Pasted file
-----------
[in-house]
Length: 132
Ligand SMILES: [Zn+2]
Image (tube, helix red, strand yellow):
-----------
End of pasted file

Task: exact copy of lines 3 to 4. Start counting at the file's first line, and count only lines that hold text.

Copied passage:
Ligand SMILES: [Zn+2]
Image (tube, helix red, strand yellow):